Hungarian coin honors Fiumei Road Cemetery

August 2, 2018 – In partnership with the National Heritage Institute, the Magyar Nemzeti Bank launched a series of collector coins presenting national memorials in 2014, with a new coin added every year. In 2015, for example, a coin was issued commemorating the battle at Mohács of 1526. The latest addition to this series depicts yet another important heritage site.

Hungary / 2,000 Forint / Cupro-Zinc / 18.4 g / 37 mm / Design: Márta Csikai / Mintage: 5.000.Hungary / 2,000 Forint / Cupro-Zinc / 18.4 g / 37 mm / Design: Márta Csikai / Mintage: 5.000.

Hungary / 2,000 Forint / Cupro-Zinc / 18.4 g / 37 mm / Design: Márta Csikai / Mintage: 5.000.

Honoring the Fiumei Road Cemetery, the Magyar Nemzeti Bank is issuing a 2,000-forint, bronze-patina collector coin as part of the “National Memorial Sites” series. The coin was designed by the sculptress Márta Csikai. The center of the front of the coin features a half-view of one of the cemetery’s most well-recognized set of statues which also serves as inspiration for its logo: the statues atop the Kossuth tomb, with the winged genius of freedom, strength and enlightenment holding a torch in one hand and a lion freed from its chains symbolizing the Hungarian nation, by the sculptor Alajos Stróbl. The back of the coin shows the Deák mausoleum and the walkway leading to it, with gravestones in the background.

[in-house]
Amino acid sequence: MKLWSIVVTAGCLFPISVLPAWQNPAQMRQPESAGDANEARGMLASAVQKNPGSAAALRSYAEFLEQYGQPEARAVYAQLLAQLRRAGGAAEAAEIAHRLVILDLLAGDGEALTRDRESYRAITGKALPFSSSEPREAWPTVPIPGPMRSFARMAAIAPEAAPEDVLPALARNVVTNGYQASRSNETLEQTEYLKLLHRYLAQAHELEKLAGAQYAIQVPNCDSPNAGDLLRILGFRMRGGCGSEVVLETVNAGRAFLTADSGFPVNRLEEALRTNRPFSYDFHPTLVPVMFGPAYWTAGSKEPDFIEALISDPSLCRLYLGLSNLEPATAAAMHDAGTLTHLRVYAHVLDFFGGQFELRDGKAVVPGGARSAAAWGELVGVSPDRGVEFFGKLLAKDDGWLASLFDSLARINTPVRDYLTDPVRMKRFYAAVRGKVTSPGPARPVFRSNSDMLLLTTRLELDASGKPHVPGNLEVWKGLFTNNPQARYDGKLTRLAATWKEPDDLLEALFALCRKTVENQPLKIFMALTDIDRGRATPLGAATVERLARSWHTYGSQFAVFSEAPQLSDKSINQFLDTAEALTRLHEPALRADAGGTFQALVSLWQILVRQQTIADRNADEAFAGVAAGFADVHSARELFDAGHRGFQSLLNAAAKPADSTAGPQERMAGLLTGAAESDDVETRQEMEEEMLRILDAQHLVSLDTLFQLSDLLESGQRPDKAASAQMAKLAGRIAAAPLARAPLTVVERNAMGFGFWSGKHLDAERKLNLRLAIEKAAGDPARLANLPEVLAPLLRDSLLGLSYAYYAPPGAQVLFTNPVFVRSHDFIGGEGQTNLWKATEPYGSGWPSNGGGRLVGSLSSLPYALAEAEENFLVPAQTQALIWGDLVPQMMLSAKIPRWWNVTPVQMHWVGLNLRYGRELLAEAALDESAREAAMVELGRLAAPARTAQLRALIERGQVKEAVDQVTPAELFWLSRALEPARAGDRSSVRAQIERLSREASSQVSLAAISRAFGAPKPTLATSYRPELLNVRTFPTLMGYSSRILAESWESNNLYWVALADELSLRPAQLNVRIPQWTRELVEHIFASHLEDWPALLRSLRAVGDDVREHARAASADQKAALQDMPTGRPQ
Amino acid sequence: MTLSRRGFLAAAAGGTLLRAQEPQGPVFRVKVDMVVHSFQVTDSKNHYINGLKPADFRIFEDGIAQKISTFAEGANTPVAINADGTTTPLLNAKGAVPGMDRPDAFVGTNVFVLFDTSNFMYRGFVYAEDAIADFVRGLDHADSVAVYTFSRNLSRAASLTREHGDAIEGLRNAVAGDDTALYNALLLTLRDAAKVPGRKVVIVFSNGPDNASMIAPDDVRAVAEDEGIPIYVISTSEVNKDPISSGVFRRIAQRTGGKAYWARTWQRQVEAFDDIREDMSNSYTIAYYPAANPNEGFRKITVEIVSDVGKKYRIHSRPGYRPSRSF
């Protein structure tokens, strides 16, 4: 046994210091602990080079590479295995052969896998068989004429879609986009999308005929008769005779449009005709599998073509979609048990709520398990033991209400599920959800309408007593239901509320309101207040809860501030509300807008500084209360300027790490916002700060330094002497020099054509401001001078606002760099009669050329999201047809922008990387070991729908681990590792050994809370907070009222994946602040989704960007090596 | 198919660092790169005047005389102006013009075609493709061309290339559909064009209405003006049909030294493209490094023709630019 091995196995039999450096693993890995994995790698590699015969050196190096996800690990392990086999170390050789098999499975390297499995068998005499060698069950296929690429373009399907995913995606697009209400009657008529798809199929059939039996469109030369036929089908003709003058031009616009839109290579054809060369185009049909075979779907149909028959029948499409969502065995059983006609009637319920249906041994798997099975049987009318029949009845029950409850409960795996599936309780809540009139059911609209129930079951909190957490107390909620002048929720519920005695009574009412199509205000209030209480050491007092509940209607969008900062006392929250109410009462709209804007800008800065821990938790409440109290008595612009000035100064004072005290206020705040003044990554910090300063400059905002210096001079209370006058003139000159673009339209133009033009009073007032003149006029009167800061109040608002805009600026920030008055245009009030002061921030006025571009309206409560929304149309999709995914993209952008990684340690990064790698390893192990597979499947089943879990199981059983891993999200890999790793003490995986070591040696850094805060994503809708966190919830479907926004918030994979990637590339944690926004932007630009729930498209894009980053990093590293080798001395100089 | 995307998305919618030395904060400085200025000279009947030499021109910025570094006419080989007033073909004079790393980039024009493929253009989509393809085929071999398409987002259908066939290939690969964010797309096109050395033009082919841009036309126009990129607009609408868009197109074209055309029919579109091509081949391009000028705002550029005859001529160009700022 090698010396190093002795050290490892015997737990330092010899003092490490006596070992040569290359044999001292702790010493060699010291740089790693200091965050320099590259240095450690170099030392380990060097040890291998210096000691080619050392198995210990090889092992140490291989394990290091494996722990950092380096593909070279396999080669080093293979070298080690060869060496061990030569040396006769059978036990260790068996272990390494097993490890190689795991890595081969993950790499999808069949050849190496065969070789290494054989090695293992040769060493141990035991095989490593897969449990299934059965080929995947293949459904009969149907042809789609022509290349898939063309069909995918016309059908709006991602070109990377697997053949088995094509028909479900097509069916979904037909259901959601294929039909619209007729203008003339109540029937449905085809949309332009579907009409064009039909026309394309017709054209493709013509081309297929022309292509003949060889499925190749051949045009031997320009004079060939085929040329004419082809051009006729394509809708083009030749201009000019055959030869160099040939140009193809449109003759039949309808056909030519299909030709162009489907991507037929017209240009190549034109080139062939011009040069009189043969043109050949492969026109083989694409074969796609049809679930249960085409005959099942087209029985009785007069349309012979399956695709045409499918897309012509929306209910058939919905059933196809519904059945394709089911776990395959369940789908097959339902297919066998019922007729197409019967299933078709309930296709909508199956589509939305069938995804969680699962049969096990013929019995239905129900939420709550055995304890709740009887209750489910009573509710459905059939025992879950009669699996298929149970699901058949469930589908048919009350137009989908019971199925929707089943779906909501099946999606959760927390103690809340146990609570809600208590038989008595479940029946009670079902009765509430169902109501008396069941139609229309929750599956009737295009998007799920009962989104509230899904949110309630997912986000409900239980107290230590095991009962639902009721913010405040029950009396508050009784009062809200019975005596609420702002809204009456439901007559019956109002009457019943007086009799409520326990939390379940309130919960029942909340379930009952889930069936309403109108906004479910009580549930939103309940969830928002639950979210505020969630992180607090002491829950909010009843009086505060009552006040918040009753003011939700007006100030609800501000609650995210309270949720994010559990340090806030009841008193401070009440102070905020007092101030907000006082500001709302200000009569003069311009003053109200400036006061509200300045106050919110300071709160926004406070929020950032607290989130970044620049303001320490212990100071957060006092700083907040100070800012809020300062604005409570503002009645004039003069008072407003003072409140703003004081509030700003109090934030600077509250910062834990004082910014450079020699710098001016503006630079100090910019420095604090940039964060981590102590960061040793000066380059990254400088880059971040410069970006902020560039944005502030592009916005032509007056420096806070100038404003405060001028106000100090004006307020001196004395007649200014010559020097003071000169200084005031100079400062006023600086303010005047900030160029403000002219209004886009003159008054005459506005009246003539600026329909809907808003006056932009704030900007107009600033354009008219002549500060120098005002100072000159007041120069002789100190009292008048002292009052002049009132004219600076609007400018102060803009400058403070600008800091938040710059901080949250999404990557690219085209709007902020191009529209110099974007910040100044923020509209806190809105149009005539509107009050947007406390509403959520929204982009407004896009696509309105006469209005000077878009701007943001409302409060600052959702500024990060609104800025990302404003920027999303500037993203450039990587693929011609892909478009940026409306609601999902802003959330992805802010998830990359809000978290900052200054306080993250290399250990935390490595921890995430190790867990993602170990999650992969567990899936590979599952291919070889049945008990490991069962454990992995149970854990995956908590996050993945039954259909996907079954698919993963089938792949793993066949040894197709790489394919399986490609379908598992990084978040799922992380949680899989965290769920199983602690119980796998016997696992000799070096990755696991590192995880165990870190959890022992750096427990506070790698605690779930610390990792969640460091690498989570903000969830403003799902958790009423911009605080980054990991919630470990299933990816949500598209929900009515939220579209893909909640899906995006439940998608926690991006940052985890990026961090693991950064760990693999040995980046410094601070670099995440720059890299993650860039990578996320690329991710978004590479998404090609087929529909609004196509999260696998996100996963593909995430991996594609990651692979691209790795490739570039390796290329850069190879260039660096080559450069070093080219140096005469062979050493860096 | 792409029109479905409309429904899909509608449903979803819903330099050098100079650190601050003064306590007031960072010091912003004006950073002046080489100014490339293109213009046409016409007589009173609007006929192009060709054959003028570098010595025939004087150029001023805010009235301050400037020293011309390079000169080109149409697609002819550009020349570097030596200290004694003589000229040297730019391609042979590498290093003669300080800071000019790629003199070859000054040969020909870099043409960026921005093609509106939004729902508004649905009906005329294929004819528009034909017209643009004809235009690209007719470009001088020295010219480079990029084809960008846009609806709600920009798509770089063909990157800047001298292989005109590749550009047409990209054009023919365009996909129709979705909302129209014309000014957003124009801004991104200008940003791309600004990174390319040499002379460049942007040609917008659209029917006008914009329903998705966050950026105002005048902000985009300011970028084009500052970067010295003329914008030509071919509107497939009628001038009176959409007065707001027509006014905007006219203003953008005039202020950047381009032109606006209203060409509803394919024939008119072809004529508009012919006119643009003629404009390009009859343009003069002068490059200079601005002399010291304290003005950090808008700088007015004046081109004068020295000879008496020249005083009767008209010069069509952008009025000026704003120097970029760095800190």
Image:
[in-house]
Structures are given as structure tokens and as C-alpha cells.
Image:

The statue atop the famous Lajos Kossuth mausoleum. As Governor-President at the time, he presented the Hungarian Declaration of Independence during the Hungarian Revolution of 1848/49 / Photo: Daniel Wessel / CC BY 3.0.

The statue atop the famous Lajos Kossuth mausoleum. As Governor-President at the time, he presented the Hungarian Declaration of Independence during the Hungarian Revolution of 1848/49 / Photo: Daniel Wessel / CC BY 3.0.

With a history reaching back almost 170 years, the Fiumei Road Cemetery has become a famous site similar to the Père-Lachaise Cemetery in Paris, but instead of the graves of Molière, Chopin and Jim Morrison one can visit the final resting places of renowned Hungarians such as Ady, Jókai, Arany, Kossuth, Erkel, Faludy, Jancsó and Imre Kertész. The cemetery was opened in the middle of the 19th century as a public burial ground in Pest, and it had become the most important one in Hungary by the end of that century. Amongst others, one can find the mausoleums of Lajos Batthyány, Ferenc Deák and Lajos Kossuth. The cemetery also preserves the memories of periods passed since the Revolution of 1848.

The back of the coin shows the Deák mausoleum. Ferenc Deák became the first Hungarian Minister of Justice in 1848 / Photo: Misibacsi / CC BY-SA 2.5.

The back of the coin shows the Deák mausoleum. Ferenc Deák became the first Hungarian Minister of Justice in 1848 / Photo: Misibacsi / CC BY-SA 2.5.

The highest number of great figures from Hungarian history and culture are buried here, and many of the grave monuments designed by famous architects and sculptors have great artistic value. The cemetery has separate sections for artists, Jacobins, and heroes of the 1848 and 1956 revolutions, and the grand mausoleums also illustrate the funerary culture of the party-state period. Almost resembling an arboretum, the huge 56-hectare cemetery is also known for its rich flora and fauna. This unique cemetery has been managed by the National Heritage Institute since 2016 and welcomes its guests with dignity.

For more information on this release visit the website of the Magyar Nemzeti Bank.

The latest addition to the Hungarian national memorial coin series can be purchased at the Hungarian Mint online shop.

To go on a virtual tour around the beautiful Fiumei Road Cemetery, watch this film on Youtube.

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